According to National Public Radio, the National Transportation Safety Board (NTSB) has called off its search for the missing data recorder from the wreckage of the El Faro.
The agency said that it used remote operated vehicles with the assistance of the Navy to attempt to find the recorder through the remaining wreckage that has been found of the container ship. The El Faro sank off the coast of the Bahamas on October 1 during Hurricane Joaquin with 33 crewmembers aboard.
Officials were able to locate the vessel’s navigation bridge, and the deck below it became separated from the rest of the ship when it sank, according to NPR. Investigators were hoping to find the data recorder along with the separated wreckage, as it could be used to document readings, position and radio communications made by crewmembers before the ship sank.
At the time of the accident, the ship was traveling in a Category 3 hurricane with 120 mph winds. The ship’s captain informed officials on the radio that it had a hull breach and it was taking on water.
“While it is disappointing that the voyage data recorder was not located, we are hopeful that we’ll be able to determine the probable cause of this tragedy and the factors that may have contributed to it,” the NTSB said in a statement.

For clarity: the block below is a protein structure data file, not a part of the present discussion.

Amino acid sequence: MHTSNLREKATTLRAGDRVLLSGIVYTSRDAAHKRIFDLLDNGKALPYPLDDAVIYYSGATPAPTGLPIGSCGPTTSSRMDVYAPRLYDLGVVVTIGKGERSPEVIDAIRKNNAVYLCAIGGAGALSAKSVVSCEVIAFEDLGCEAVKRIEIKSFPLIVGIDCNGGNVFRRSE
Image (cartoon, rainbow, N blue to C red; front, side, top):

Why Did the El Faro Travel in Bad Weather Conditions?
It is still unknown why the El Faro maintained its voyage during the hurricane. Lawsuits have been filed against the ship’s owners Sea Star Lines, d/b/a, TOTE Maritime Puerto Rico and Tote Services, Inc., most of which question why the ship continued to sail in bad weather.
A U.S. District Court in Florida has ordered family members of victims of the disaster to file lawsuits by December 21 in order to pursue claims. TOTE has legally responded to lawsuits by requesting to limit the amount of money it would have to pay out to victims through a Petition for Limitation of Liability.
As we have noted in previous blogs, the families who are filing lawsuits are going to have to show that operators had privity or knowledge of the unseaworthy conditions of the vessel when it left for its voyage or privity or knowledge of the negligent conditions on the vessel.
If you have further questions, attorney David Anderson explains how to fight a Petition for Limitation of Liability in the video above, noting how maritime law can be incredibly complex. Continue to follow our blog for more news about the El Faro disaster.